Tiny Burkina Faso confronts Gadhafi's enormous legacy

McClatchy NewspapersSeptember 15, 2011 

WORLD NEWS BURKINAFASO 4 MCT

Mohammed Congo, a 21-year old aspiring artist in Ouagadougou, Burkina Faso, says that many of his countrymen are sad to see former Libyan leader Moammer Gadhafi lose power. Many Burkinabe view Gadhafi as a benefactor to the nation.

ALAN BOSWELL — Alan Boswell/MCT

OUAGADOUGOU, Burkina Faso — Even though his portrait no longer graces the lobby of this city's premier hotel, fallen Libyan leader Moammar Gadhafi's presence in this West African nation won't fade quickly.

The five-star Laico Ouaga 2000 hotel (Laico stands for Libyan African Investment Co.) is just one of Gadhafi's many investments here, a legacy that has many of the local residents still happy to call him "the Guide."

Gadhafi also financed the Ouaga 2000 residential neighborhood, with its rambling two-story homes and its electricity poles, bounded on one side by the city's main throughway — Moammar Gadhafi Boulevard — which ends in a wide roundabout circling the city's Memorial to the Martyrs, a Gadhafi-funded monument resembling a mini Eiffel Tower.

The Burkinabe, as Burkina Faso's residents are known, credit Gadhafi with starting banks, hospitals, university buildings, roads, mosques and women's education centers.

If Ouagadougou were a modern city, this sort of investment might be less conspicuous. But here, Gadhafi's pet projects stand in stark contrast to the city's otherwise rundown, dust-colored blocks and streets that are filled with far more scooters than cars.

What to do now, with their major benefactor on the run and a new government coming to power in Tripoli after 42 years, is a major concern.

"It was a mistake to have that photo up," conceded Maher Ghidaoui, a Tunisian and the hotel's manager. While it hung in the lobby during the violence in Libya, business fell steadily and he lost the U.S. Embassy as a client.

Despite a recent cooling of ties between their president, Blaise Compaore, and Gadhafi, the Burkinabe speak fondly of the former Libyan leader. While people in the West may see him as a mad nemesis, here he was a source of hope in a country whose own authoritarian government does little for its people.

"He helped build roads. He built centers for poor and orphans," said Mohammed Congo, a 21-year-old aspiring artist. "A lot of Burkinabe don't like what is happening."

There's no solid estimate of how much Gadhafi's regime spent here, partly because the projects were a mixed bag of public gifts, off-the-books grants, and the work of a dizzying array of shadow companies.

Next door to the hotel, inside a half-vacant Western-style shopping mall also built by the Libyan African Investment Co., there are signs the transition could be messy and complicated.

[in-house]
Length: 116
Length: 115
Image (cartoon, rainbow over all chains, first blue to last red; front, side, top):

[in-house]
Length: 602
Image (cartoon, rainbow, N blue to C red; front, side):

There, in the sixth-floor headquarters of Laico's Ouagadougou headquarters, Adnan Ahmed Ashour, a fit middle-aged Libyan with an iPhone and slicked-back hair, struggled to cope with the recent events.

He fled Tripoli, Libya's capital, two weeks ago as the Western-backed rebel forces took the city, he said.

Since then, he has been absorbed into this Laico branch office as an administrator. He declined to discuss his previous life, calling it a "secret."

At times, he seemed in denial, such as when he insisted that the hotel photo of Gadhafi — whom he still referred to loyally as "our president" — was not really taken down but rather moved temporarily because of maintenance.

But mostly, he appeared dumbfounded by recent events, often staring down at his desk and shaking his head in response to questions.

"Somebody comes and somebody goes. This is life. I don't understand what's going on," he said after one particularly long pause.

Ghidaoui, the hotel manager, who works for a private management company contracted by Laico and not for Laico itself, said he asked the Laico Ouagadougou office to allow him to remove the Gadhafi photo over a year ago, but he didn't get the green light until the Burkina Faso government recognized the rebel National Transitional Council as Libya's government in late August.

"This hotel belongs to the state of Libya, not the Gadhafi family," Ghidaoui insisted, while stressing he could only express his own views.

The United Nations has frozen the Libyan leaders' assets, and the United States and Europe are pushing for those assets to be turned over to the rebel government.

But what will become of fleeing loyalists such as Ashour when the rebels take control of Laico's offices here? It's a question that will confront the new Libyan government throughout Africa. Laico owns 13 similarly opulent hotels throughout the continent.

And what will become of other Gadhafi-financed businesses? A white marble building with jutting gray pillars in Ouagadougou's downtown houses the Burkina Commercial Bank. A decade ago, the bank changed its name from the Libyan Bank of Development — also founded by Gadhafi.

But the change is beginning. The Libyan Embassy, now flying the rebels' version of the Libyan flag, has shut down Gadhafi's Libyan Cultural Center and given the building back to Burkinabe government.

Back at the hotel, Ghidaoui has more changes in mind. He wants the "Libya Hotels" sign at the top of the building removed.

"We don't think it's a selling sign," he said, adding with a chuckle: "The 'Obama Hotel' would sell more, I think."

(Boswell is a McClatchy special correspondent.)

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